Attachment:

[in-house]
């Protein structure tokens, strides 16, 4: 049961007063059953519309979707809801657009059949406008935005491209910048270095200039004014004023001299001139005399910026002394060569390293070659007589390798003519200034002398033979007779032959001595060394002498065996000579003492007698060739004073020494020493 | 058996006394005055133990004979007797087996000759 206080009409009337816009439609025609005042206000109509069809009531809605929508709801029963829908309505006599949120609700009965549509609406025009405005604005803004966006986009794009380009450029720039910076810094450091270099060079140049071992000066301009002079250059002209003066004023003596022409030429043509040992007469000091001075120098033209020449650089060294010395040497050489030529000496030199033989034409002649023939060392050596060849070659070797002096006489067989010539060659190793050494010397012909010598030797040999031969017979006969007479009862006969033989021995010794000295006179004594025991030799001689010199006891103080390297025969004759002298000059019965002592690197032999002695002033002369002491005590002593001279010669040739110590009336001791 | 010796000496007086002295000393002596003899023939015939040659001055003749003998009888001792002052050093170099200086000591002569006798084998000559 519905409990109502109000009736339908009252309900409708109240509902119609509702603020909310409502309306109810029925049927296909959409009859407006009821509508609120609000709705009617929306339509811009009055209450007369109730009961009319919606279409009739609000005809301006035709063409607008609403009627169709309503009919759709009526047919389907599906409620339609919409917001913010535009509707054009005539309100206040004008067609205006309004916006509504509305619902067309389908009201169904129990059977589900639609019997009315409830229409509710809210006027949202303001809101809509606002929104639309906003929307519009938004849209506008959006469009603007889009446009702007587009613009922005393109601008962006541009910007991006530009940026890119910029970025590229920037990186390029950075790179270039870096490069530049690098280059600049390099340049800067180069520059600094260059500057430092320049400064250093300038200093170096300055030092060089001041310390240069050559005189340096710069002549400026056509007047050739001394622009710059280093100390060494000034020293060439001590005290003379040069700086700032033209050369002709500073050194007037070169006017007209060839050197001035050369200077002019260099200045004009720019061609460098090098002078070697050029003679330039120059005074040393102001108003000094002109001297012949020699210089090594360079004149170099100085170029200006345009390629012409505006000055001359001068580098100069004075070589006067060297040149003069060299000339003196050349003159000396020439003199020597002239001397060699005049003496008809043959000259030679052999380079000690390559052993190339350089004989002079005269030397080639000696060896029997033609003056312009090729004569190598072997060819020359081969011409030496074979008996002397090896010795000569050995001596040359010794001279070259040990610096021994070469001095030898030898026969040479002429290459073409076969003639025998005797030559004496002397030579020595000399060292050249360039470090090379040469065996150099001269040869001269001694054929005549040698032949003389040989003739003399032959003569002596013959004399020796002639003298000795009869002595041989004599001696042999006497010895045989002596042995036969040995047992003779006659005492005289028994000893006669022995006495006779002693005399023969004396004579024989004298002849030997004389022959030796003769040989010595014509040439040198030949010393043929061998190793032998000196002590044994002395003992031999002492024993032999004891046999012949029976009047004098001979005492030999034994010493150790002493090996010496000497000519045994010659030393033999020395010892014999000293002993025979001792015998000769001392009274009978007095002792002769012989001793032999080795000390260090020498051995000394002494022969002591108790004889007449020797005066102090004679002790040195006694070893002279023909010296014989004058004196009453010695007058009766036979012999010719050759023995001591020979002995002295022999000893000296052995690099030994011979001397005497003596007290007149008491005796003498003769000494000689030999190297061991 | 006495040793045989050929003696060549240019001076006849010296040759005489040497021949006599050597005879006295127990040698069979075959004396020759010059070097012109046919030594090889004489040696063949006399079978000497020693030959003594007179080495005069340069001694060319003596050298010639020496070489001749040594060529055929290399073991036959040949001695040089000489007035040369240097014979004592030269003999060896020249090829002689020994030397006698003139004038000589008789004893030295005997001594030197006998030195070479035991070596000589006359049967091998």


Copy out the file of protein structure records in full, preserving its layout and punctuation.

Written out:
[in-house]
């Protein structure tokens, strides 16, 4: 049961007063059953519309979707809801657009059949406008935005491209910048270095200039004014004023001299001139005399910026002394060569390293070659007589390798003519200034002398033979007779032959001595060394002498065996000579003492007698060739004073020494020493 | 058996006394005055133990004979007797087996000759 206080009409009337816009439609025609005042206000109509069809009531809605929508709801029963829908309505006599949120609700009965549509609406025009405005604005803004966006986009794009380009450029720039910076810094450091270099060079140049071992000066301009002079250059002209003066004023003596022409030429043509040992007469000091001075120098033209020449650089060294010395040497050489030529000496030199033989034409002649023939060392050596060849070659070797002096006489067989010539060659190793050494010397012909010598030797040999031969017979006969007479009862006969033989021995010794000295006179004594025991030799001689010199006891103080390297025969004759002298000059019965002592690197032999002695002033002369002491005590002593001279010669040739110590009336001791 | 010796000496007086002295000393002596003899023939015939040659001055003749003998009888001792002052050093170099200086000591002569006798084998000559 519905409990109502109000009736339908009252309900409708109240509902119609509702603020909310409502309306109810029925049927296909959409009859407006009821509508609120609000709705009617929306339509811009009055209450007369109730009961009319919606279409009739609000005809301006035709063409607008609403009627169709309503009919759709009526047919389907599906409620339609919409917001913010535009509707054009005539309100206040004008067609205006309004916006509504509305619902067309389908009201169904129990059977589900639609019997009315409830229409509710809210006027949202303001809101809509606002929104639309906003929307519009938004849209506008959006469009603007889009446009702007587009613009922005393109601008962006541009910007991006530009940026890119910029970025590229920037990186390029950075790179270039870096490069530049690098280059600049390099340049800067180069520059600094260059500057430092320049400064250093300038200093170096300055030092060089001041310390240069050559005189340096710069002549400026056509007047050739001394622009710059280093100390060494000034020293060439001590005290003379040069700086700032033209050369002709500073050194007037070169006017007209060839050197001035050369200077002019260099200045004009720019061609460098090098002078070697050029003679330039120059005074040393102001108003000094002109001297012949020699210089090594360079004149170099100085170029200006345009390629012409505006000055001359001068580098100069004075070589006067060297040149003069060299000339003196050349003159000396020439003199020597002239001397060699005049003496008809043959000259030679052999380079000690390559052993190339350089004989002079005269030397080639000696060896029997033609003056312009090729004569190598072997060819020359081969011409030496074979008996002397090896010795000569050995001596040359010794001279070259040990610096021994070469001095030898030898026969040479002429290459073409076969003639025998005797030559004496002397030579020595000399060292050249360039470090090379040469065996150099001269040869001269001694054929005549040698032949003389040989003739003399032959003569002596013959004399020796002639003298000795009869002595041989004599001696042999006497010895045989002596042995036969040995047992003779006659005492005289028994000893006669022995006495006779002693005399023969004396004579024989004298002849030997004389022959030796003769040989010595014509040439040198030949010393043929061998190793032998000196002590044994002395003992031999002492024993032999004891046999012949029976009047004098001979005492030999034994010493150790002493090996010496000497000519045994010659030393033999020395010892014999000293002993025979001792015998000769001392009274009978007095002792002769012989001793032999080795000390260090020498051995000394002494022969002591108790004889007449020797005066102090004679002790040195006694070893002279023909010296014989004058004196009453010695007058009766036979012999010719050759023995001591020979002995002295022999000893000296052995690099030994011979001397005497003596007290007149008491005796003498003769000494000689030999190297061991 | 006495040793045989050929003696060549240019001076006849010296040759005489040497021949006599050597005879006295127990040698069979075959004396020759010059070097012109046919030594090889004489040696063949006399079978000497020693030959003594007179080495005069340069001694060319003596050298010639020496070489001749040594060529055929290399073991036959040949001695040089000489007035040369240097014979004592030269003999060896020249090829002689020994030397006698003139004038000589008789004893030295005997001594030197006998030195070479035991070596000589006359049967091998």